`126(21 × 32 × 71) 7/11 715/14 935/21 1/7 2/13 3/17 = 2250(21 × 32 × 53)`

As an extra demonstration, let us consider the following programs representing all the logic gates:

 Program AND Gate OR Gate XOR Gate `07` `14` `21` `42` `5/42 1/21 1/14 1/7` 1 1 1 5 `5/42 5/21 5/14 1/7` 1 5 5 5 `1/42 5/21 5/14 1/7` 1 5 5 1 `1/42 5/21 5/14 5/7` 5 5 5 1 `1/42 1/21 1/14 5/7` 5 1 1 1 `5/42 1/21 1/14 5/7` 5 1 1 5

### Extras

I've been scratching at trying to fit a fractran-inspired vm hosted in uxn's 16-bit space where these fractions operate differently to facilitate running with low values in registers.

`*/*` Jump Push Acc/Load from memory Pop Acc/Save in memory Pop, or Break
A wise person marvels at the commonplace. Confucius

## Brainfuck is one of the most famous esolangs, and has inspired the creation of a host of other languages.

Brainfuck operates on an array of memory cells, each initially set to zero. A pointer is initially pointing to the first memory cell. All characters that are no operations should be ignored, and considered to be comments.

 `>` Move the pointer to the right `<` Move the pointer to the left `+` Increment the memory cell at the pointer `-` Decrement the memory cell at the pointer `.` Output the character signified by the cell at the pointer `,` Input a character and store it in the cell at the pointer `[` Jump past the matching `]` if the cell at the pointer is 0 `]` Jump back to the matching `[` if the cell at the pointer is nonzero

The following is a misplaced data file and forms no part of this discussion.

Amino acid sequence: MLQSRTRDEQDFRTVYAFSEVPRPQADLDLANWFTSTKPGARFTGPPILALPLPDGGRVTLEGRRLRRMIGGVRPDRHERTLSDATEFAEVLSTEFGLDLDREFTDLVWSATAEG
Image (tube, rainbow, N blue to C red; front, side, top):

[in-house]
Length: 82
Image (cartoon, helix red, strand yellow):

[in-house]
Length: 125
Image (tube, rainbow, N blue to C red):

Brainfuck was invented by Urban Müller in 1993, in an attempt to make a language for which he could write the smallest possible compiler for the Amiga OS, version 2.0. He managed to write a 240-byte compiler.

Memory should normally consist of 8 bit cells, and wrap on overflow and underflow. Negative memory addresses should NOT be assumed to exist, however, an interpreter may provide some. Memory should consist of at least 30000 cells, some existing brainfuck programs do need more so this should be configurable or unbounded.

An interpreter can be implemented in about 180 bytes of Uxntal.

## Orca is a livecoding language and virtual machine.

Orca is a two-dimensional esoteric programming language in which every letter of the alphabet is an operator, where lowercase letters operate on bang, uppercase letters operate each frame.

If you wish to learn how to use Orca, watch a tutorial or ask your questions in the forum.

Orca is a wildly unique visual programming tool. It's also an inky black and seafoam green alphabet soup, pulsating to some species of broody electronic industrial throb. Ivan Reese, The Future Of Coding